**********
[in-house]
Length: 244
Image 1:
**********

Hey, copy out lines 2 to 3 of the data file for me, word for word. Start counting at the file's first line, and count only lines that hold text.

Length: 244
Image 1: